to wind damage adapting in time, and indeed the plant itself can
take several years of minimal growth before suddenly leaping ahead,
my eldest one now producing a good foot or more of trunk every year.
The photo was taken in 1988: - Look at the Trachy
on the right, seven years in the ground and not much bigger than
when first planted. The other photo shows the same Trachy in 1994.
Need I say more?
Combining the Trachy with further inspiration drawn
from reading the 'Exotic Garden' by Myles Challis, which taught
me of the existence of a whole world of other hardy or near hardy
plants like Paulownia tomentosa, Tetrapanax papyroferus, Musa basjoo,
Phyllostachys aurea etc., the stage was set for me to really venture
deep into the jungle.
The idea of keeping tender plants in pots, and displaying
them around the garden during summer, only to have to overwinter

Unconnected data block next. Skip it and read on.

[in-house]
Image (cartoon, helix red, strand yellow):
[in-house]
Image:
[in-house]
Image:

them indoors has never appealed to me. Not only is it a back breaking
job to move large subjects, but my working schedule is so hectic
that I often forget regular watering, and as we all know in the
case of a palm especially this can have devastating consequences
in hot weather. Somehow the idea of planting permanently into the
ground has always seemed the more attractive option. The roots are
not restricted, feeding and watering is so much easier, and growth
is not restricted by the size of the pot you are able to carry or
After all one only has to find a way of keeping
the temperature a little above freezing. I know that with hessian
and straw etc. one can preserve much of that precious heat, and